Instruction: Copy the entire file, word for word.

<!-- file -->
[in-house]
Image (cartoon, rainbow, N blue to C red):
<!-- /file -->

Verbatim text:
[in-house]
Image (cartoon, rainbow, N blue to C red):